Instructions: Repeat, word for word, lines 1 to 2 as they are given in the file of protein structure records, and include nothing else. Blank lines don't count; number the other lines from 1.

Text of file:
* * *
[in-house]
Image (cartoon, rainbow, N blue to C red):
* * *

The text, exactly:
[in-house]
Image (cartoon, rainbow, N blue to C red):